Landis found guilty of doping

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Landis found guilty of doping

Post by Admin on Fri Sep 21, 2007 10:57 am

The Tour de France champ will be stripped of his 2006 title and suspended from competition.
By Michael A. Hiltzik, Los Angeles Times Staff Writer


A three-member arbitration panel today found 2006 Tour de France champion Floyd Landis guilty of doping with testosterone during the marquee race and stripped him of his title. The panel's 2-1 ruling also suspended the Murietta-based cyclist from further competition until Jan. 29, 2009.

The ruling, which follows a nine-day evidentiary hearing held in May, is likely to spur considerable controversy over the legal standards employed by the international anti-doping program, which is overseen by the World Anti-Doping Agency. The panel, for example, ruled that the initial testosterone screen of Landis' urine sample was done improperly by WADA's Paris laboratory and threw those results out. But it upheld the later confirmation test performed by the same lab, even though the confirmation would not have been performed if the initial screen had been ruled clean.

The panel majority also acknowledged that the Paris lab's procedures, which had been questioned by Landis' defense, gave "some cause for concern." But it found that its shortcomings did not invalidate the ultimate results.

In a strongly worded dissent, arbitrator Christopher Campbell contended that the evidence at the hearing demonstrated "beyond a reasonable doubt" that the Paris lab was "not trustworthy" and "failed to abide by its legal and ethical obligations." He said Landis should be found innocent.

Landis' attorney, Maurice Suh, said after the ruling that the cyclist and his defense team were "weighing all our options," possibly including seeking a review of the case in a federal court or pursuing an appeal to the International Court of Arbitration for Sport.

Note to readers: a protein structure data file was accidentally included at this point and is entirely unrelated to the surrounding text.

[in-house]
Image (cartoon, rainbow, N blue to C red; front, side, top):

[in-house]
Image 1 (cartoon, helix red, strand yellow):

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Landis loses appeal, undecided about taking case to CAS

Post by Admin on Fri Sep 21, 2007 10:58 am

Source: ABC News

Floyd Landis was stripped of his 2006 Tour de France title and can receive a two-year ban after losing his appeal of a positive doping test on a 2-1 decision by US arbitrators announced this morning (Australian time).

US Anti-Doping Agency (USADA) officials and Landis' attorneys gave evidence to the three-man arbitration panel over nine days in May, the US cycling star maintaining his innocence despite testing positive for synthetic testosterone.

"I am innocent and we proved I am innocent," Landis said in a statement.

Landis now has only one possible path to regain his crown from the 103rd Tour and avoid a suspension through the end of January of 2009 - appealing the verdict to the Court of Arbitration for Sport (CAS).

Pearl Piatt, a spokeswoman for Landis, said there has been no decision by the US cyclist on whether or not to press his case before CAS, which has jurisdiction to render a final verdict.

"We're still digesting the report," she said. "They are still reading the opinion closely and looking at it."

USADA chief executive officer Travis Tygart said the ruling "was a victory for all clean athletes and everyone who values fair and honest competition".

"This case is really just another sad example of the crisis of character which plagues some of today's athletes and undermines the honest achievements of all of those athletes who compete with integrity," he said.

"Hopefully, some of the good that comes from this type of case is that other athletes who might be tempted to cheat will recognise that there is no honour in doping to win."

The International Cycling Union (UCI), the sport's international governing body, declared Oscar Pereiro the 2006 Tour de France champion. The Spaniard finished second, 57 seconds behind Landis.

"We can right now say that Pereiro is the winner of the Tour without waiting for a possible appeal by Landis to the Court of Arbitration for Sport," UCI president Pat McQuaid said.